The Simple Science of Dry Eye Disease

Dr. Dennis Iadorola

Dry Eye is a miserable experience. Just ask me, Dr I. I suffer from dry eye like the 16 million Americans who have been diagnosed and the tens of millions of other who are undiagnosed and untreated. I want to help you understand what dry eye disease is, how you can identify it and simple tips on how to treat it.

The first thing to understand about dry eye disease is its complexity. My job here is to simplify the science of dry eye so you can better understand what to look out for and what you can be doing on a daily basis to manage your dry eyes.

So, first, let me explain some of the basic science here. All eyes have a tear film. The role of the tear film is to maintain a moist environment on the surface of your eyes. When internal or external issues affect your tear film, this may cause pain and discomfort in your eyes. This is one of the reasons why I ask my patients “do you feel your eyes?” If they do, chances are they have a problem like dry eye disease.

The tear film is a combination of three layers: water, oil and mucous. The water layer keeps your eyes wet and is produced by cells in the outer layer of the eye called the conjunctiva as well as the lacrimal gland. The oil layer is produced by your meibomian glands directly behind the eyelashes. It helps the tears stay on your eyes by covering the tears to prevent evaporation. The inner most layer is the mucous layer produced by goblet cells. The mucous layer helps the water layer stick to the surface of the eye. Dry eye disease occurs when any one of these layers are compromised.

Putting it simply, there are two types of dry eye: Aqueous-deficient and Evaporative.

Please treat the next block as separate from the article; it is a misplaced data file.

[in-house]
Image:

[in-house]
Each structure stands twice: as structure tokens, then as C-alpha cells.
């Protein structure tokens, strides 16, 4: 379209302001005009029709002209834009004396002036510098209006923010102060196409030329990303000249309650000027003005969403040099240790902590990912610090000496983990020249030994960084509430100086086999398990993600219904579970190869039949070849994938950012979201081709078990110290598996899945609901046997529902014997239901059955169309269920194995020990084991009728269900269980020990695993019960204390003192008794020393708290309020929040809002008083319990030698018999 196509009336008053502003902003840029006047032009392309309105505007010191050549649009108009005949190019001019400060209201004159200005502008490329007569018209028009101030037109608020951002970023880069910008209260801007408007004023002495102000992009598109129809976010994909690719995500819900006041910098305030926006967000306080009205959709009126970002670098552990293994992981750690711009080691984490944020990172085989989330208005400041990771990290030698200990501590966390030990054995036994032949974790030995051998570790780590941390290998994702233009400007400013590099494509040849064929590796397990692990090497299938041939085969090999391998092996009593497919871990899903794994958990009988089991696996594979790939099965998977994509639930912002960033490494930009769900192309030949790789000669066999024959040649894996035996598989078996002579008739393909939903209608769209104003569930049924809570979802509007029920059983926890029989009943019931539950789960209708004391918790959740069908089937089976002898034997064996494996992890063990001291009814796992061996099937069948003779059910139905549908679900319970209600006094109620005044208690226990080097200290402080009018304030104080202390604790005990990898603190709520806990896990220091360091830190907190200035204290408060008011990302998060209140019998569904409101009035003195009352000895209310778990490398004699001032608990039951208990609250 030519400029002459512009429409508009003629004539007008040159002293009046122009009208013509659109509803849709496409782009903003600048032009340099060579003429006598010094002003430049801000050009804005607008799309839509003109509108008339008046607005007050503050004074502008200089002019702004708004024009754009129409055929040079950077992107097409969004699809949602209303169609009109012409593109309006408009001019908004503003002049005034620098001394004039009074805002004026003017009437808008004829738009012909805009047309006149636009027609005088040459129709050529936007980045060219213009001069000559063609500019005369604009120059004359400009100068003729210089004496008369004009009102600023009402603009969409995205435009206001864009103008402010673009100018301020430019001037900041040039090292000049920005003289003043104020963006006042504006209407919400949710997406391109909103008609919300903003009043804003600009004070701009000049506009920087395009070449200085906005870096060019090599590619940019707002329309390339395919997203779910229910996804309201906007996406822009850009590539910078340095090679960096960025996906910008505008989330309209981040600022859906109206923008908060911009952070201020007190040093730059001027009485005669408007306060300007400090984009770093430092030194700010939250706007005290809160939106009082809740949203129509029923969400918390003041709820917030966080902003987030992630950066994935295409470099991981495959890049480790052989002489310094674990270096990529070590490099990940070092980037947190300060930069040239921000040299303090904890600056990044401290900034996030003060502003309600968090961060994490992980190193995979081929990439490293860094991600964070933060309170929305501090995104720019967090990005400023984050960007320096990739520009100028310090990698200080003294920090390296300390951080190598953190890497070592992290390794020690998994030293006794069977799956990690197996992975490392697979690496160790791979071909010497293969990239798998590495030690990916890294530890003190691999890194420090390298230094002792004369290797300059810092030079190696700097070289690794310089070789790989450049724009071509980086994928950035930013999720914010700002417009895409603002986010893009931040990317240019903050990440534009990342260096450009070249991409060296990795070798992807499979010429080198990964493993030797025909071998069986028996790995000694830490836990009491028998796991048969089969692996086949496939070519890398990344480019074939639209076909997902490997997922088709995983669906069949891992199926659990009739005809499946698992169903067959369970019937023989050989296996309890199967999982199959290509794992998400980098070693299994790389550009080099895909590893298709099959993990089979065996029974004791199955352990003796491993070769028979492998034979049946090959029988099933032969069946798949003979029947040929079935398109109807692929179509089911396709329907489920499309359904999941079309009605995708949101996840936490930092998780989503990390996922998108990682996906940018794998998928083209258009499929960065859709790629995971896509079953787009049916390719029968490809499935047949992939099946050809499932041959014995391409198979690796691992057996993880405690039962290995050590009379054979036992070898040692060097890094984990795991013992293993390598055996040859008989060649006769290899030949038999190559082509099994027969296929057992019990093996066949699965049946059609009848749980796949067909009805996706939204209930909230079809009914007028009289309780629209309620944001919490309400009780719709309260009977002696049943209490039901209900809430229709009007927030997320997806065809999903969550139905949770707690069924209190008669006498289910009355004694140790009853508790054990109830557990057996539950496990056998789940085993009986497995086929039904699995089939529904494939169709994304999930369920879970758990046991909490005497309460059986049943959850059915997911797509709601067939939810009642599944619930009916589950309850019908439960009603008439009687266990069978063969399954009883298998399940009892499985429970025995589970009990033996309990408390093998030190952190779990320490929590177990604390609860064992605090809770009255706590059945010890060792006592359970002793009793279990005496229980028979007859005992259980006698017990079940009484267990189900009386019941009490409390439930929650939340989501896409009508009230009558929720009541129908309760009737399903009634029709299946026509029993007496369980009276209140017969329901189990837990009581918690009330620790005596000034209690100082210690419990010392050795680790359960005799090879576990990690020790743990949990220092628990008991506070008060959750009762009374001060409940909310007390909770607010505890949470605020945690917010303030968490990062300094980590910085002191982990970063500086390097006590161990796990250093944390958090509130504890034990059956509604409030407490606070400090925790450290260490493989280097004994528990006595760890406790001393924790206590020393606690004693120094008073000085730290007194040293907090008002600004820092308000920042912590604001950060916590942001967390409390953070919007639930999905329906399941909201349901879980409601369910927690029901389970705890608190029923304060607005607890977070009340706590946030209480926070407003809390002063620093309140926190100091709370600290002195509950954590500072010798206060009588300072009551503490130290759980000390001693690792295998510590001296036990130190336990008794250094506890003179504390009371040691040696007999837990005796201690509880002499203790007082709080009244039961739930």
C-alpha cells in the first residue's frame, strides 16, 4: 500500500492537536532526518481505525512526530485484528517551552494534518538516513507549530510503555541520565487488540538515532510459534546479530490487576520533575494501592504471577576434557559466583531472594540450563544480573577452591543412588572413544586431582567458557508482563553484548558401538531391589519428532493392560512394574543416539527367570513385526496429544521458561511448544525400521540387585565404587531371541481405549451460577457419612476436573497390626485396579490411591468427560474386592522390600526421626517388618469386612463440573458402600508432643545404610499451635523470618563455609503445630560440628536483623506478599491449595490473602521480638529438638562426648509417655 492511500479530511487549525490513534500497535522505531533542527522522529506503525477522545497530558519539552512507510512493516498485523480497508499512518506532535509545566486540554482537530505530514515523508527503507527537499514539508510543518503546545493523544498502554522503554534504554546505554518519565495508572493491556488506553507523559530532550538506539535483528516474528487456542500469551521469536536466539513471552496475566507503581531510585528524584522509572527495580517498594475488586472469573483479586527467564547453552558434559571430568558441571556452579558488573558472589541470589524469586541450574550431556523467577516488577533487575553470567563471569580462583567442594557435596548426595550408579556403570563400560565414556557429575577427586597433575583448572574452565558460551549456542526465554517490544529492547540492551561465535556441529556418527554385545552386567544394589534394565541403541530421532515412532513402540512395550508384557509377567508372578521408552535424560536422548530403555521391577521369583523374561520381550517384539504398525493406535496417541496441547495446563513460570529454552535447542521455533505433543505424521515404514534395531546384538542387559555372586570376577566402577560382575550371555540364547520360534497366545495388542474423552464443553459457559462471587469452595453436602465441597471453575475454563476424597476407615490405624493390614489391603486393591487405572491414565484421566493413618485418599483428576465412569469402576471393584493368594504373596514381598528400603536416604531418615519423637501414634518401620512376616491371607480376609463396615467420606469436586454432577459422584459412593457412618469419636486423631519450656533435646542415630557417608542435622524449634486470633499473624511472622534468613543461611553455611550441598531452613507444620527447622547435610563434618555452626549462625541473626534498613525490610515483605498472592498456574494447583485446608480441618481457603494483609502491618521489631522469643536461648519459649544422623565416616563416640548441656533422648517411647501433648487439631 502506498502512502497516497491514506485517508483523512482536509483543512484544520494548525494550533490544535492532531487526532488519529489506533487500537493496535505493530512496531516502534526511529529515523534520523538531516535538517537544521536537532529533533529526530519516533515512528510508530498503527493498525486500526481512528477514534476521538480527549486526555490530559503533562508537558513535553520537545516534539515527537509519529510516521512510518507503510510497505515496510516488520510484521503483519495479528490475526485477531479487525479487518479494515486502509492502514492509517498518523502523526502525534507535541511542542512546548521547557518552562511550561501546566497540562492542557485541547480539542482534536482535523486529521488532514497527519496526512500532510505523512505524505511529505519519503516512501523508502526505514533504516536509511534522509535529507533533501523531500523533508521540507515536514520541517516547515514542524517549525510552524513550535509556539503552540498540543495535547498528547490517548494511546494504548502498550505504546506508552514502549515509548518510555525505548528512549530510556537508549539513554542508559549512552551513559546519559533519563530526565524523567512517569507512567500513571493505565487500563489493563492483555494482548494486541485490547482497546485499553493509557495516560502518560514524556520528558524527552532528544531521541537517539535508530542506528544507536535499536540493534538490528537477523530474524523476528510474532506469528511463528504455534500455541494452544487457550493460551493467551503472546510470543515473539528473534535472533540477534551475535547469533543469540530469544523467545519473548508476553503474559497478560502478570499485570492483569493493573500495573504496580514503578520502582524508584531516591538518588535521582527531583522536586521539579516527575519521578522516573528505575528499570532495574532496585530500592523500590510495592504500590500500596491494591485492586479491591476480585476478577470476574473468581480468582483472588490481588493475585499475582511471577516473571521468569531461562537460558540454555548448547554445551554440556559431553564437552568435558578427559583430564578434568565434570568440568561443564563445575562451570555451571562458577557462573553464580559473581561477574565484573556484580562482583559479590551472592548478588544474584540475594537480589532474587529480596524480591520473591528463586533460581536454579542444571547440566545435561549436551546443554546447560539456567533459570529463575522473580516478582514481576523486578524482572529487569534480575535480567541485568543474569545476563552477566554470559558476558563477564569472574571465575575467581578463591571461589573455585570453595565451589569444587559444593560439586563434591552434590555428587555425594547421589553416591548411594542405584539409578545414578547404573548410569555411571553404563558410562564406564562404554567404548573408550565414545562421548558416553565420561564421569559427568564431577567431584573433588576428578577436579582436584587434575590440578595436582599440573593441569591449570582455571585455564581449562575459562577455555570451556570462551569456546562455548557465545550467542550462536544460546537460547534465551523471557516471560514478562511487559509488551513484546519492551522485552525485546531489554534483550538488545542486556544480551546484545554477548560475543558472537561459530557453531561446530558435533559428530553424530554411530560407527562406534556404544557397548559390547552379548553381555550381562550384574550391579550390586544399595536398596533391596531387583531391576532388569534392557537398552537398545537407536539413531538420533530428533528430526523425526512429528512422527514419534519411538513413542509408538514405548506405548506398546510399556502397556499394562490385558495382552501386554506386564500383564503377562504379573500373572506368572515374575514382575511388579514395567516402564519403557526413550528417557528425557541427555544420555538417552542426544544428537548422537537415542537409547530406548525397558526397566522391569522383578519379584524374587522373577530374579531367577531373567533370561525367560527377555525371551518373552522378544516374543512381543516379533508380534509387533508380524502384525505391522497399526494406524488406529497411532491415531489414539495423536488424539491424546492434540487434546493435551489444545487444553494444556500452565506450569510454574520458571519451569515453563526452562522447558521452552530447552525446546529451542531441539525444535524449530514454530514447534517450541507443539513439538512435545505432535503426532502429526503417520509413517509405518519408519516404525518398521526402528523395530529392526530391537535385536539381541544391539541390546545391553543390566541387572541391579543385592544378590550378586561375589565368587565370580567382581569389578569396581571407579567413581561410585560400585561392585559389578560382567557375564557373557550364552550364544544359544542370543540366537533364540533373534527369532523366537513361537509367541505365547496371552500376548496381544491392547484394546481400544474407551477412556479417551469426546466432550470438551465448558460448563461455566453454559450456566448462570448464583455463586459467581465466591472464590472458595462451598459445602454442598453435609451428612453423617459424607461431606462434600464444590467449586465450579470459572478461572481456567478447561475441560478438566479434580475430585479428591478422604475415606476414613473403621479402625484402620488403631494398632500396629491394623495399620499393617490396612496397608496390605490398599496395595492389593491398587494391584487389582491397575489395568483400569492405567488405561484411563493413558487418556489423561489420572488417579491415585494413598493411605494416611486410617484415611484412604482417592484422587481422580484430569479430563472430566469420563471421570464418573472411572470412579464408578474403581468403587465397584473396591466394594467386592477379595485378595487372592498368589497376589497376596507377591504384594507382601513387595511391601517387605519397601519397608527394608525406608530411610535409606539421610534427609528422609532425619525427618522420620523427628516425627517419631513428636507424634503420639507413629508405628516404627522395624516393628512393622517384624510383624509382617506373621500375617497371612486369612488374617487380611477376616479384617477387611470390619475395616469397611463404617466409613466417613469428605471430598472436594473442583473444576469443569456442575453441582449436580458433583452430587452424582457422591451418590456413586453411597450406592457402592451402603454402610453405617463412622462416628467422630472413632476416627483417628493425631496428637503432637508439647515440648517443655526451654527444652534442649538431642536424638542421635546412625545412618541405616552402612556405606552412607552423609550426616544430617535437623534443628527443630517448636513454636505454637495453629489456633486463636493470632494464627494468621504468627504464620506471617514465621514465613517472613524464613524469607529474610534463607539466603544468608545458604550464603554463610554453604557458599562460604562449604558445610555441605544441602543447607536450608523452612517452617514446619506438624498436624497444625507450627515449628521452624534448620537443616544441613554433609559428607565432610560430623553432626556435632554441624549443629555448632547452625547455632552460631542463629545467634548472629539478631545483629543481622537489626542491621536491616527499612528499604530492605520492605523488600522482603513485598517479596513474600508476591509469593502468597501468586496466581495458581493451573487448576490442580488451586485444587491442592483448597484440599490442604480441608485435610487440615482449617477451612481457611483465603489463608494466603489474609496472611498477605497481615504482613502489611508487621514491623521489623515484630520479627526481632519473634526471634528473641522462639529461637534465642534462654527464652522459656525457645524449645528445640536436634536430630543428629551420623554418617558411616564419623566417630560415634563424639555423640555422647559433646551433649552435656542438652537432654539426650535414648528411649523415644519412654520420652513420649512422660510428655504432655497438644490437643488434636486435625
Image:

Aqueous-deficient dry eye, which usually feels the worst in the morning, results from either systemic disease and conditions like Menopause or Sjogren’s syndrome. It can also be caused by issues with your lacrimal glands as well as side effects to drugs you may be taking to treat other diseases. Sadly yes, other diseases and the medications that you take can cause dry eye. 🙁

Evaporative dry eye, which is the most common type of dry eye, can result from either intrinsic problems like meibomian gland dysfunction and other ocular surface diseases or from extrinsic issues like environment (dry or windy climates), excessive screen time and contact lens wear.

The truth is, that there are many sub-types of dry eye and most people have one or more of these sub-types, which makes treating dry eye a challenge. So, if you hear a doctor refer to dry eye as a “multi-factorial” disease, this is why!

Your eyes are under constant attack from the different causes of dry eye. And no matter which type of dry eye you have and what treatment plan your doctor recommends, the one thing EVERYONE needs is a daily eye care routine. A daily eye care routine, focused on the proper lid and lash hygiene and quality lubrication, is simple and should be part of your daily selfcare routine.

That is why we created MYZE. As the best friend for your eyes, MYZE will help you create a customized daily care plan that can combat your dry eyes, can help prevent flare ups and ensure you adhere your daily eye health routine.

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